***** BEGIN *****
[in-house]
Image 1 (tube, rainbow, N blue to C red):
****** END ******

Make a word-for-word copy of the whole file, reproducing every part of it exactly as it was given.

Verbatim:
[in-house]
Image 1 (tube, rainbow, N blue to C red):